comfortable on the road. This doesn't punish you like
so many firms sports cars do. This is a genuinely
daily drivable car. KURT NIEBUHR: Yeah, and you
could drive it in the plus R mode that we're in
right now, and it wouldn't be over the top. We're driving on a really
bumpy course surface, and it still rides really well. CARLOS LAGO: When the car
is smooth and controlled at high speed, you are concerned
about how it's moving around. And that allows you
to go even faster. KURT NIEBUHR: Yeah. CARLOS LAGO: It allows you to
go harder into braking zones, not be worried about, oh,
can I maintain this speed through this corner here. There's a couple hairy
corners on this track that this car feels
totally fine in. KURT NIEBUHR: Yeah, but it is,
after all, a front-wheel drive car. CARLOS LAGO: Yes. KURT NIEBUHR: And what
I found that I had to do was really manage the power
application coming out of even medium speed corners the
car will light the inside front tire up, and it's
cool, but it's slow. CARLOS LAGO: We have
a ton of torque, and we have
front-wheel drive car, so you have to drive
these things responsibly. When you do it, it rewards you. I would go as far to say
that this thing drives as good as its design is silly. KURT NIEBUHR: Absolutely. Absolutely. CARLOS LAGO: We've got
three exhaust tips. That's very silly. KURT NIEBUHR: Yeah. CARLOS LAGO: This
thing drives that well. On the downside, engine sound. KURT NIEBUHR:
Yeah, it's actually hard to drive this
car at the limit simply because when
you're wearing a helmet, it's almost silent
on the inside, even in plus R mode when it does
get a little bit more race-y, this is still not much
louder than a basic Civic. CARLOS LAGO: You have
to watch the tac. I caught myself frequently
balancing off the limiter just because I didn't realize
it because the sounds not there. I love these seats. KURT NIEBUHR: Yeah. CARLOS LAGO: Bucket
seats are tricky. When I get in and
out of this car, I have to put the seat back in
order to comfortably exit it because these thigh bolsters
make getting in and out difficult. But on the road
just commuting in this thing, they're wonderful. KURT NIEBUHR: They're also
very breathable seats. This car is so
comfortable on the road. This is the car I
want to drive home. CARLOS LAGO: It's
the little things. That get the shifter right. They get the clutch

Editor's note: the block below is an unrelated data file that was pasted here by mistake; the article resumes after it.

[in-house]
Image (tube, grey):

engagement right. The steering feedback isn't
quite as there as the Veloster, but the effort is good. KURT NIEBUHR: Also, that
the brake pedal on this car really deserves special mention. It's high, it's firm,
but it's never touchy. It's exactly where you want
it to be on the street. It's exactly where you
want it to be on the track, and it adds confidence. CARLOS LAGO: Yeah, I think my
only real demerits on this car are engine sound, rev
matching isn't as aggressive as I would like it to be as
somebody who uses rev matching, and shame on me, and
blah, blah, blah. I can read the
YouTube comments now. And it has three exhaust tips. So the overall design
is just so cartoonish, the opposite of
how the car drives. It's an absolute standout. KURT NIEBUHR: And it's fast. CARLOS LAGO: It rips. It rips. It rips but it's stable. Like through this high
speed section here, you feel like you can
carry so much speed through this blind
complex of corners. And this is a hairy
corner at full speed. KURT NIEBUHR: It is. So that's thumbs up from you? CARLOS LAGO: I'd say two. Well, maybe a thumb
up and a half for– I hate to keep coming
down on the design, but– KURT NIEBUHR: I
would have to say that, even though I
like driving both cars, this is the car I would
want to drive home. CARLOS LAGO: I agree. KURT NIEBUHR: All
right, so why don't we go hop in the Veloster? CARLOS LAGO: I think we should. KURT NIEBUHR: I'm really
surprised that we're even driving a 2019 Hyundai Veloster. And it's because when the
Veloster first came out, it was such a unique
and interesting vehicle, but it wasn't that
good to drive. I expected it to just kind of
come out for a couple of years then Hyundai go, whoops, and
never build a second one. But I'm really impressed
that they came back and they built an all
new Hyundai Veloster. And you know what? I like it. CARLOS LAGO: Yeah, it's neat
that not only has a mainstream automaker decided to make
a three-door hatchback, they've also made
this N version, which is a really well
done $30,000 hot hatch. Yeah, they've transformed
the standard Veloster into a very enjoyable car doing
the usual hot hatch tricks. You know, really stiff
suspension, turbo motor that's really powerful, and they've
executed a really fun to drive car for the money. KURT NIEBUHR: Yeah,
and not only that, but in the process they've given
this car so much personality. It's scrappy. CARLOS LAGO: Both